Iraqi shoe-thrower's case is adjourned
Throngs crowd a court in support of Muntather Zaidi, the man who hurled his shoes at President Bush. Judges will decide March 12 whether the assault charge is warranted.
By Tina Susman and Raheem Salman, LA Times
February 20, 2009
Reporting from Baghdad — It was the hottest ticket in town. It drew spectators from as far away as Sweden and sparked a scramble for choice seats. Police formed human chains to block the crowds that surged forward to glimpse the star attraction: a defiant-looking man in black loafers.
This time, Muntather Zaidi's shoes stayed put as he went on trial Thursday for flinging his footwear at President Bush during a December news conference in Baghdad. If convicted of assaulting a visiting head of state, the Iraqi journalist could face 15 years in prison. Nobody questions whether Zaidi, 30, hurled his shoes at the president's face during Bush's farewell visit to Iraq on Dec. 14. The act was captured live on TV and has been replayed endlessly, like a spectacular touchdown pass.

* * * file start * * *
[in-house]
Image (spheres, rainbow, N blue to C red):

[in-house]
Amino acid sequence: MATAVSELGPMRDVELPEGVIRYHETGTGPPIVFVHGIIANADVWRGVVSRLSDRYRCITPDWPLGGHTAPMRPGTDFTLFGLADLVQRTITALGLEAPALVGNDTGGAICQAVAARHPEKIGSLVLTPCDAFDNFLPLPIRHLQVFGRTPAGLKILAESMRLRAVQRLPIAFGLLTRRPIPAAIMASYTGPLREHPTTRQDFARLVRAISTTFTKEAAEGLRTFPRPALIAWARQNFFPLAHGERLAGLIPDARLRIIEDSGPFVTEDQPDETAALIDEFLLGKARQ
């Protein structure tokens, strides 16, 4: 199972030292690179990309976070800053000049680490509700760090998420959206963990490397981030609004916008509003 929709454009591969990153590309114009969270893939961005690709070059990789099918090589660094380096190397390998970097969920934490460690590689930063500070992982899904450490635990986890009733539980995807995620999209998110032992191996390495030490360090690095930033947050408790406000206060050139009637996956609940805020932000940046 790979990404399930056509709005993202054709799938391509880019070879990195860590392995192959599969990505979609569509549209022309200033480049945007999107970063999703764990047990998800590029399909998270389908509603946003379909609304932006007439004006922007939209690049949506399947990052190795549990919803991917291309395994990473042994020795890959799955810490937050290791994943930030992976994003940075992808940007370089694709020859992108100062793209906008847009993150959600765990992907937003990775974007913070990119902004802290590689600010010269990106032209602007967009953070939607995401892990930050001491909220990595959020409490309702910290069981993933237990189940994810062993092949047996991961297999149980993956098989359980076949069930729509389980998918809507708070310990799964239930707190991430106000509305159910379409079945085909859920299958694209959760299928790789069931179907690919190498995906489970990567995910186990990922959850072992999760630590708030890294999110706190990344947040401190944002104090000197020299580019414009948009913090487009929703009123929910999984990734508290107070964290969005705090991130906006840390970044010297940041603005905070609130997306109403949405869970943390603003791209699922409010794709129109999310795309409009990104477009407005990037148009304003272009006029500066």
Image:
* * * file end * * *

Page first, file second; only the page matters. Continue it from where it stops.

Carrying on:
Nor does Zaidi deny trying to clock Bush as he stood at a lectern beside Iraqi Prime Minister Nouri Maliki that night, shortly before the two leaders sat down to dinner.
On Thursday, standing in the wooden defendant's pen, Zaidi said he acted in a burst of rage as Bush, "smiling that icy smile," spoke of achievements in Iraq since the U.S.-led invasion of the country in March 2003 and mentioned his upcoming meal with Maliki.
Zaidi, voice calm but forceful and an Iraqi flag draped like a cravat around his neck, said it was more than he could bear. "I thought about what the achievements were -- killing about a million Iraqis," Zaidi said. Read On